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Incest is a touchy subject, one not typically addressed in mainstream cinema. Independent films, however, tend to explore more gritty subject matter and shed light on a world not typically seen in Hollywood films, in large part because the financing for these films isn’t tied to shareholder interests. This is, perhaps, why we see incest in independent cinema far more often than in studio productions.

The movies about incest on this list, minus two with unsimulated sex, aren’t as obscene or sexually explicit as incest in the foreign film circuit. French and South Korean provocateurs, for example, working outside the puritanical constraints of the MPAA rating system, produce depictions of incest in films like Moebius and Ma Mere that might make you squirm. In American indie films with incest, the act tends to happen behind closed doors, letting the viewer fill in the blanks with their own imagination.

The Quiet
Photo:  Sony Pictures Classics

Jamie Babbit’s The Quiet is a disturbing film about a father’s (Paul) unhealthy relationship with his promiscuous cheerleader daughter, Nina (Elisha Cuthbert). In the movie, deaf, mute girl Dot (Camilla Belle) moves in with her godparents, Paul (Martin Donovan) and Olivia (Edie Falco). Dot hasn’t spoken since the passing of her mother, when she was seven. After living with her godparents for a while, Dot becomes aware of the relationship between Paul and Nina. Because Nina thinks Dot is deaf, she tells the girl her plan to slay her father.

The big twist is that Dot was only pretending to be deaf, and she gets the final revenge in the film.

The film got lackluster reviews, though Variety did describe it as a “Lifetime movie on crack.”

Pink Flamingos
Photo:  New Line Cinema

The taboo act in John Waters’s Pink Flamingos (1972) is hilarious because of how ludicrous it is. Divine, a plus-sized drag queen, plays a convict on the run who’s described by a newspaper as the filthiest person alive. Two crooks, Connie and Raymond Marble, challenge Divine for the title by sending her a gift-wrapped turd on her birthday with a card calling her fatso. Game on.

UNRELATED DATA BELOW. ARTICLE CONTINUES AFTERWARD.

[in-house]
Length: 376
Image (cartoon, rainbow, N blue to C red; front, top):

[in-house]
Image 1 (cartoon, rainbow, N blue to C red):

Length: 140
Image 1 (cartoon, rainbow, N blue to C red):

Divine goes on an all-out filth attack. She and her son Crackers (Danny Mills) break into Raymond and Connie’s home and wreak havoc. Divine and Crackers lick everything in the house. Then, in a filth-induced ecstasy, Divine goes down on her son on the couch.  Harry Glenn Milstead actually performed the act on Danny Mills in the movie.

Savage Grace
Photo:  IFC Films

The inbreeding in Tom Kalin’s Savage Grace (2007) is especially disturbing in that it’s based on the true story of socialite Barbara Daly Baekeland, her son Antony, and her eventual slaying at her son’s hands.

Julianne Moore plays Barbara and Eddie Redmayne is her son Tony. Barbara’s husband Brooks was the heir to a plastics fortune, and Barbara enjoyed life in the upper crust, her beauty and promiscuity leading to several extramarital affairs. Barbara’s family suffered from mental illness – she had several deep bouts of depression, and Tony was schizophrenic.

In real life, Barbara supposedly seduced Tony to cure him of “gayness.” The relationship continued beyond the first tryst, which made Tony increasingly anxious and depressed. According to the Daily Mail, he told a friend, “I am f*cking my mother. I don’t know what to do – I feel desperate.”

Tony tried to get rid of his mother several times, and finally succeeded on November 17, 1972.

Cat People
Photo: Universal Pictures

If werecats are your thing, check out Paul Schrader’s Cat People (1982). The film stars Nastassja Kinski as the feline-esque Irena. She reconnects with her brother Paul, played by Malcolm McDowell; the two were separated as infants and grew up in the system. The story is amusingly ridiculous but aesthetically beautiful.

Irena tries to avoid intimacy and drinking because indulging in this will transform her into a black panther, and only the taste of human blood will return her to human form. Paul tells Irena their parents were brother and sister, and that werecats can only mate with family members, to avoid turning into panthers. Paul tries to seduce Irena, but she fears him and turns down his advances. She instead falls in love with a local zookeeper (metaphor!).